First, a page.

Oracle

America’s Cup winner Team Oracle takes second sailing race trophy

America’s Cup winner Team Oracle takes second sailing race trophy

Larry Ellison's Team Oracle has won the 2013 America's Cup, with the sailing competition coming down to a final deciding race after Oracle and Emirates Team New Zealand ended up neck and neck. The deciding race, the nineteenth in the America's Cup series this year, saw Oracle Team USA pip its New Zealand rivals to the finishing line by just 44 seconds, taking the trophy with a score of 9-8 and squeezing even greater performance out of the high-tech sailing boat.

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Oracle files lawsuit against companies offering illegal tech support

Oracle files lawsuit against companies offering illegal tech support

Oracle has filed a lawsuit in the US District Court for the Northern District of California against two IT service providers, Maintech and Terix. According to the lawsuit, the two companies have provided illegal support for Oracle's Solaris OS software, having encouraged customers to cancel their Oracle support subscriptions.

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Larry Page talks simplicity in future technology at Google I/O 2013

Larry Page talks simplicity in future technology at Google I/O 2013

This week Larry Page stepped on stage at Google I/O 2013 during the one keynote of the multi-day event, speaking about how the company must continue to create and advance without getting distracted the negative elements that appear in competition. He made mention of the film The Internship as a good program to get the world out of the mindset that computer science is an odd, untouchable environment: "computer science has a marketing problem."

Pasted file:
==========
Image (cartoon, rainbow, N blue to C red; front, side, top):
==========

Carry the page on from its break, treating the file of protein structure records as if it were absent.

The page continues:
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Oracle rolls out patch for Java vulnerabilities, Apple responds with update

Oracle rolls out patch for Java vulnerabilities, Apple responds with update

Another day, another Java security alert. In this case, Oracle has released Security Alert CVE-2013-1493, which highlights two vulnerabilities that are particular to Java in browsers. The patch for these issues was originally slated for release in April as part of Oracle's Critical Patch Update for Java SE. Because the vulnerabilities are being exploited in the wild, however, the company has elected to push out the updates now.

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Java zero-day exploit strikes again

Java zero-day exploit strikes again

The Java zero-day exploit has been making the rounds lately, hitting both Facebook and Apple just recently. However, it doesn't seem to be slowing down anytime soon. A newly discovered zero-day vulnerability in the most recent versions of Java 6 and Java 7 has been discovered, and it allows attackers to install malicious software on vulnerable PCs, specifically a new "McRat" trojan.

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Update Java warns Apple after Mac hack

Update Java warns Apple after Mac hack

Apple has pushed out a new Java update to address the malware loophole that saw hackers attempt to extract data from the company, stripping out the Apple-provided browser plugin in the process. The update, which follows Apple's confirmation that a "small number" of its systems had been compromised by an unknown hacking group, basically removes the Java applet plugin from all browsers on an OS X 10.7+ machine.

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Oracle releases Java SE’s February 2013 Critical Patch Update